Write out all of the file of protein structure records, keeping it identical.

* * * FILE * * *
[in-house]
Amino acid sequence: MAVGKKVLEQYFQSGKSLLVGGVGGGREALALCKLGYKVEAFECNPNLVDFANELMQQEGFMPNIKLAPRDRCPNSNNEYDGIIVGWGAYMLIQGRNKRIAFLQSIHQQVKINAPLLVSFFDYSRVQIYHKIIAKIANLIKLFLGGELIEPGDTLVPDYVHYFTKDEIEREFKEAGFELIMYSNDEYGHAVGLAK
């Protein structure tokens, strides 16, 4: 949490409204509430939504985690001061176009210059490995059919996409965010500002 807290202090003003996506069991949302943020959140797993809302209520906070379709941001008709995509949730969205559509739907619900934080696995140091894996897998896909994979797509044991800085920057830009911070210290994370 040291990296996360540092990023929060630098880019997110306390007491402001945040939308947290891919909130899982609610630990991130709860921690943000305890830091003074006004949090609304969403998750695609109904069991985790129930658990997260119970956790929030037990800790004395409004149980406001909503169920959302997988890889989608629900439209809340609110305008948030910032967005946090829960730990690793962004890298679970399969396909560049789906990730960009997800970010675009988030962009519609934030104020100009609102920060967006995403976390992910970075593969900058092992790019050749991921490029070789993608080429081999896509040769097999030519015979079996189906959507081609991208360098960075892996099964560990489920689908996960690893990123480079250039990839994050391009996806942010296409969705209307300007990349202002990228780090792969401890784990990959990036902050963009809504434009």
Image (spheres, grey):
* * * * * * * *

[in-house]
Amino acid sequence: MAVGKKVLEQYFQSGKSLLVGGVGGGREALALCKLGYKVEAFECNPNLVDFANELMQQEGFMPNIKLAPRDRCPNSNNEYDGIIVGWGAYMLIQGRNKRIAFLQSIHQQVKINAPLLVSFFDYSRVQIYHKIIAKIANLIKLFLGGELIEPGDTLVPDYVHYFTKDEIEREFKEAGFELIMYSNDEYGHAVGLAK
């Protein structure tokens, strides 16, 4: 949490409204509430939504985690001061176009210059490995059919996409965010500002 807290202090003003996506069991949302943020959140797993809302209520906070379709941001008709995509949730969205559509739907619900934080696995140091894996897998896909994979797509044991800085920057830009911070210290994370 040291990296996360540092990023929060630098880019997110306390007491402001945040939308947290891919909130899982609610630990991130709860921690943000305890830091003074006004949090609304969403998750695609109904069991985790129930658990997260119970956790929030037990800790004395409004149980406001909503169920959302997988890889989608629900439209809340609110305008948030910032967005946090829960730990690793962004890298679970399969396909560049789906990730960009997800970010675009988030962009519609934030104020100009609102920060967006995403976390992910970075593969900058092992790019050749991921490029070789993608080429081999896509040769097999030519015979079996189906959507081609991208360098960075892996099964560990489920689908996960690893990123480079250039990839994050391009996806942010296409969705209307300007990349202002990228780090792969401890784990990959990036902050963009809504434009």
Image (spheres, grey):